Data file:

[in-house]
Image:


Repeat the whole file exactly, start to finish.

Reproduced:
[in-house]
Image: